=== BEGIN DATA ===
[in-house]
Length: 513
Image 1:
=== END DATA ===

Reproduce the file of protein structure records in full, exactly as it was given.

[in-house]
Length: 513
Image 1: